Screening for diseases such as breast and colon cancer has been shown to save lives. Currently, there is no routine screening for myeloma or other blood cancers in the general population, despite it being a simple blood test with better sensitivity and specificity of detection of a monoclonal protein compared to intrusive and potentially nonsensitive studies such as mammograms and colonoscopies. The traditional argument for many years has been that there is no benefit from early detection because we still observe patients until they develop symptoms, and that the progression rate is low at 1% per year. However, this argument is no longer valid with the current data demonstrating that early interception has a significant beneficial effect on survival and that within a given population some individuals may be at much higher risk compared to the average. The only way to identify early asymptomatic cases is to systematically screen healthy individuals at risk.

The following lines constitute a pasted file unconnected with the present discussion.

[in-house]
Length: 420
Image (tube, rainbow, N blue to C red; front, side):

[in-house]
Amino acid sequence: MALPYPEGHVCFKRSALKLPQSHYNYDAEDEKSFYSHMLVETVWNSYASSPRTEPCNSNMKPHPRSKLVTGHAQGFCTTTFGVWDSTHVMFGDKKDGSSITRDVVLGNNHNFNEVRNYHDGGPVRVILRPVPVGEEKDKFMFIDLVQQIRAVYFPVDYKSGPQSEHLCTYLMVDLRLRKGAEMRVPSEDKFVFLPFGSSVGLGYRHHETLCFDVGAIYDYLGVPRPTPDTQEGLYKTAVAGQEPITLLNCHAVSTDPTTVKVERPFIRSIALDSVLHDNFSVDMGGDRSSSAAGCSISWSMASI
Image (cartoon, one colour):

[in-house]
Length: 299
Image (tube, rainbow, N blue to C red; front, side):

MGUS is quite prevalent in the general aging population, affecting an estimated 3% of Americans aged 50 and older. However, this statistic is based on a mostly white population tested with an old technology, serum protein electrophoresis, and does not account for people at risk because of race or family history. MGUS and myeloma exhibit one of the largest racial disparities of all cancer types: compared to Whites, Blacks/AA have a two- to three-fold higher prevalence of MGUS and are more likely to develop MGUS at younger ages. MGUS and myeloma prevalence are also two-fold higher in individuals who have a first-degree relative diagnosed with a myeloma-related disorder or other lymphoproliferative disease. Our best estimate is that 12 million to 15 million people in the US alone have MGUS.

Who should be screened, and will screening offer more benefit than harm?

To answer this question, two studies were launched in the last few years, the Iceland Screens, Treats, or Prevents Multiple Myeloma study (iStopMM) in Iceland and the PROMISE study in the US. iStopMM has enrolled over 80,000 individuals, which represents over half the eligible Icelandic population. This huge sample size provides a unique opportunity to measure the impacts of screening and early diagnosis on the lives and health of patients. We eagerly await additional results from this study.